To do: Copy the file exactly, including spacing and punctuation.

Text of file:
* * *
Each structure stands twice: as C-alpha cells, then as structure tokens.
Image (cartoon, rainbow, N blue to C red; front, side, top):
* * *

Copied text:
Each structure stands twice: as C-alpha cells, then as structure tokens.
Image (cartoon, rainbow, N blue to C red; front, side, top):